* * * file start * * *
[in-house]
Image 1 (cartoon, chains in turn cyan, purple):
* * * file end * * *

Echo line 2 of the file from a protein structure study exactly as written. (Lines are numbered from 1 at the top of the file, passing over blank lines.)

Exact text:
Image 1 (cartoon, chains in turn cyan, purple):